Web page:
Thursday, October 29, 2009

Der Geek Atlas

The Geek Atlas ist jetzt auch in Deutsch.


Kaufen Sie es hier.

Die lebendige Geschichte der Wissenschaften ist überall um uns herum, man muss nur wissen, wo man hinschauen muss. Mit diesem einzigartigen Reiseführer kann man 128 Orte auf der Welt kennen lernen, die für bedeutsame Ereignisse in Wissenschaft und Technik stehen. Erlebe das Foucaultsches Pendel, das in Paris schwingt; erfahre Interessantes über das größste Wissenschaftsmuseum der Welt, das "Deutsche Museum" in München; besuche einen Ableger des Newtons Apfelbaums am Trinity College in Cambridge und vieles, vieles mehr...

Jeder Ort in Der Geek-Atlas stellt eine außerordentliche Entdeckung oder Erfindung in den Mittelpunkt und befasst sich darüber hinaus auch mit den Menschen und Geschichten, die hinter diesen Erfindungen stehen. Alle Orte werden mit interessanten Fotos vorgestellt und die Themen mit zahlreichen Zeichnungen illustriert. Das Buch ist nach Ländern aufgeteilt, für alle interessanten Orte werden auch -- neben nützlichen Tourismusinformationen -- die genauen GPS-Daten aufgeführt.

Eine kleine Auswahl der interessanten Orte: * Bletchley Park in Großbritannien, wo der Enigma-Code geknackt wurde * die Alan-Turing-Gedenkstätte in Manchester * die Hornantenne in New Jersey, wo die Big-Bang-Theorie bestätigt wurde * das National Cryptologic Museum in Fort Meade in Maryland (USA) * die Trinity Test Site in New Mexico, wo die erste Atombombe gezündet wurde * das National Museum of Scotland in Edinburgh, wo das Schaf Dolly ausgestopft ausgestellt wird Jeder Ort, der im Der Geek-Atlas vorgestellt wird, hat einen besonderen mathematischen, technischen oder wissenschaftlichen Hintergrund. Orte, die das Geek-Herz schneller schlagen lassen.

Thursday, October 22, 2009

Some real data about JavaScript tagging on web pages

Since March of this year I've been running a private web spider looking at the number of web tags on web pages belonging to the Fortune 1000 and the top 1,000 web sites by traffic. Using the spider I've been able to see which products are deployed where, and how those products are growing or shrinking.

The web tags being tracked are those used for ad serving, web analytics, A/B testing, audience measurement and similar.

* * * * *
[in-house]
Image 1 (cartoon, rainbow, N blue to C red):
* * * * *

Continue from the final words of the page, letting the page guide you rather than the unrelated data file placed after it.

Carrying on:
The spider captures everything about the page, including screen shots, and I'm able to drill in to see the state of a page and all its includes at the time of spidering. Here's shot of Apple with all the detail that the spider keeps.



The first interesting thing is to look at the top 1,000 web sites by traffic and see how many different tags are deployed per page. The average is 2.21, but if you exclude those that have no tags at all then the average is 3.10. Here's the distribution of number of tags against percentage of sites.


And of course, it's possible to see the market share of various different products. Here are the top 10 that I am tracking. Google Analytics has an impressive 43% of the top 1,000 web sites by traffic.


Since I've been tracking over time it's also possible to watch the growth (and decline). Here's the growth in the average number of tags on a web page (excluding pages that have no tags) since March 2009.

Since I also keep all the JavaScript and HTML for a page it's a breeze to calculate page weights. Here's a chart showing the size of HTML and JavaScript for the top 1,000 web pages by traffic. The x-axis shows the size of the page (excluding images) in kilo- or megabytes. The y-axis is the percentage of sites in that band.


I was shocked when I saw that list and suspected a bug. How could there be web sites with megabytes of non-image content? It turned out that it wasn't a bug. For example, at the time of downloading the HTML and JavaScript for Gawker was over 1Mb.

In a previous post I showed in detail the tagging on a site and that 29% of the non-graphic content was JavaScript used for web tagging. Here's another chart showing what percentage of web page markup is included JavaScript (this can include stuff like jQuery and web tagging products).


The really surprising thing there is how much JavaScript there is on pages. For many pages it's the majority of non-graphic content. Take for example Subscene where the home page HTML is about 18k but then masses of JavaScript are included (including over 200k from Facebook, a similar amount from UPS and various other bits of code).

If you delve into the tags actually used by various products you'll see that the sizes of JavaScript used for them varies a lot. comScore's Beacon is tiny (just 866 bytes)!



Finally, you might be asking yourself which site had 16 different tags on it. The winner is the celebrity gossip site TMZ.

Nerd is the new normal

When I was writing The Geek Atlas there was a big debate about the title. My original title included the word geek, but O'Reilly quickly overruled it. By the time the final title was agreed, we went with a title that O'Reilly themselves suggested: The Geek Atlas.

And then, just the other day, a US TV station did a report called "Nerd is the new normal".

Friday, October 16, 2009

Dyson's overpriced fan and the Coandă Effect

The news the other day was filled with the news of James Dyson's new bladeless fan which costs an arm and a leg (seriously, £199.99 for a desk fan!?!). There are a number of interesting things about this fan.



First, it appears to have no blades. It's just an annulus (or a ring) with a big space in the middle. Using Dyson Magic (tm) air magically flows through the ring.

Well, actually this thing does have blades which are hidden in the base and air is sucked in there and blown upwards into the ring. Dyson calls this part an impeller because instead of being a fan it's, well, an impeller: basically a pump enclosed in the base.